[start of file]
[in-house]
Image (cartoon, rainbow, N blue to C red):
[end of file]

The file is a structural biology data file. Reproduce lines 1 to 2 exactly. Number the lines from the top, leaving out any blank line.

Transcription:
[in-house]
Image (cartoon, rainbow, N blue to C red):